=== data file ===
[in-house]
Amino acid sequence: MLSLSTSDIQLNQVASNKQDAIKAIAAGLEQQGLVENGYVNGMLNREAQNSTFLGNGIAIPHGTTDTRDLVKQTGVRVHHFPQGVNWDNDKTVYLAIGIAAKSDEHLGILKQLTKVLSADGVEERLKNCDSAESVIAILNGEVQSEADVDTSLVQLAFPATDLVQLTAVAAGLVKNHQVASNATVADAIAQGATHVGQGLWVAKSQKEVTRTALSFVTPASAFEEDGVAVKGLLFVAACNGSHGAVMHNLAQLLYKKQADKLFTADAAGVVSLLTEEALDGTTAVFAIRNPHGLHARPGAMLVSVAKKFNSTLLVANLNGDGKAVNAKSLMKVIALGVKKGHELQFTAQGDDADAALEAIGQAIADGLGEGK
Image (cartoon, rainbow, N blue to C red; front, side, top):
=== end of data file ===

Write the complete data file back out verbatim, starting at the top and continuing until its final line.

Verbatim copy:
[in-house]
Amino acid sequence: MLSLSTSDIQLNQVASNKQDAIKAIAAGLEQQGLVENGYVNGMLNREAQNSTFLGNGIAIPHGTTDTRDLVKQTGVRVHHFPQGVNWDNDKTVYLAIGIAAKSDEHLGILKQLTKVLSADGVEERLKNCDSAESVIAILNGEVQSEADVDTSLVQLAFPATDLVQLTAVAAGLVKNHQVASNATVADAIAQGATHVGQGLWVAKSQKEVTRTALSFVTPASAFEEDGVAVKGLLFVAACNGSHGAVMHNLAQLLYKKQADKLFTADAAGVVSLLTEEALDGTTAVFAIRNPHGLHARPGAMLVSVAKKFNSTLLVANLNGDGKAVNAKSLMKVIALGVKKGHELQFTAQGDDADAALEAIGQAIADGLGEGK
Image (cartoon, rainbow, N blue to C red; front, side, top):